Focus on the square windows, because only squares can change; triangles hold their shape. As the top triangle approaches the bottom triangle, each square compresses slightly, becoming a fat diamond, and the dance has begun. The radius of the system is now slightly shorter than the length of its twenty-four edges (vector equilibrium no longer). The dance continues as the top triangle approaches the bottom triangle and the diamonds grow slightly narrower, reaching the point at which their width is exactly equal to the edge length (Fig. 11-lb). The VE has thus turned into an icosahedron—at least the shape of an icosahedron—but we don't stop to add the six extra sticks across the diamond windows to complete the picture, for that would turn our jitterbug into a stable structure.

Instead, keep going: past the icosahedral stage, the diamonds, ever thinner, soon become narrow slits and finally snap shut (Fig. 11-1c, d). The dance comes to a halt in the form of an octahedron. Twenty-four sticks have come together into twelve pairs, creating a double-edge octahedron (Fig. 11-1d).

This contraction is continuous, and so there are countless slightly different stages, but only three are significant geometric shapes. The jitterbug is of interest primarily because of its surprising flow from one polyhedron into another; the emphasis is on its motion. However, we do want to be familiar with its geometric check-points.

First, the vector equilibrium. Unit-vector edges are balanced by unit-length radii. When the system contracts to the icosahedral position, the distances between each vertex and its five neighboring vertices are suddenly the same—unlike the VE, in which each vertex has only four nearest neighbors, each one the unit distance away, while two additional neighbors are approximately 1.414 units away, i.e., the length of the square's diagonal. To accommodate this surface equivalence, the radius must decrease from 1.0 to 0.9511. Nature will not compromise on these numbers: for all neighboring vertices to be separated by equal lengths, the radius must be shorter than that length. A perfect static balance is impossible; hence the dynamic, eternally fluctuating events of Universe.

The twelve vertices continue their inward journey until they land at the six corners of an octahedron; sets of dowels clamp together, grouping the twelve vertices into six pairs (Fig. 11-1d). The radius has decreased to 0.7071 times its original length, and that's the end.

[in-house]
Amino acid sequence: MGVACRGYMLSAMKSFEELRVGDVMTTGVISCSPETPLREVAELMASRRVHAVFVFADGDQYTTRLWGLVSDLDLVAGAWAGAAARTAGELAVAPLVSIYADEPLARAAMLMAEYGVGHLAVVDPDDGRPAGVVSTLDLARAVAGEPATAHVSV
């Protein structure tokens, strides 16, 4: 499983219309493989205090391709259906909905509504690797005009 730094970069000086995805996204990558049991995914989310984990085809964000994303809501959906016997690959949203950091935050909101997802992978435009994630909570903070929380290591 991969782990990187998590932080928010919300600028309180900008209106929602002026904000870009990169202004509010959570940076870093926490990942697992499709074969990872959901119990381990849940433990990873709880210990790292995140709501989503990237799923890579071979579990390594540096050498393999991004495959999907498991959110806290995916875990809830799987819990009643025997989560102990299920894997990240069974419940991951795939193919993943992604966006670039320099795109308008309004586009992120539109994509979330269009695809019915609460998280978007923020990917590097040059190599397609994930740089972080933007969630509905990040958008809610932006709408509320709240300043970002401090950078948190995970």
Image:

But wait! There's another twist left in the jitterbug. Hold on to that top triangle, which has been so carefully kept from rotating until now, and deliberately start to twist it. (The triangle will only yield in one direction, depending on the direction of the jitterbug's initial twist.) If you turn it far enough (180 degrees) the entire system collapses into a flat two-frequency triangle spread out on the table (Fig. 11-2a). Then, fold in the three corner triangles, like petals of a flower, bringing their edges together to create the fourth and final stage: the minimum system of Universe (Fig. 11-2b).

 Fig. 11-2Click on thumbnail for larger image.

It's a dense tetrahedron, with four parallel sticks for each of its six edges, three converged vertices at each of its four corners, and a radius of 0.6124. "Quadrivalent," says Bucky, and hence full of explosive potential—ready to spring back out into "our friend the vector equilibrium."

This folded model also demonstrates the tetrahedron "turning itself inside out," for the three petals can be opened and flattened out again, and then folded back in the opposite direction, creating the mirror-image or "negative" tetrahedron. Fuller then reminds us that "unity is plural and at minimum two" and every system has an invisible negative counterpart. "Negative Universe is the complementary but invisible Universe" (351.00). Such digressions are unavoidable; for Fuller the implications of a model are always multifaceted, one observation plunging into another, layers upon layers, intertwined.